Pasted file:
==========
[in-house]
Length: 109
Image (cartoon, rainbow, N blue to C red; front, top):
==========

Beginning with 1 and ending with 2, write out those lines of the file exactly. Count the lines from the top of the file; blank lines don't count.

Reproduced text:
[in-house]
Length: 109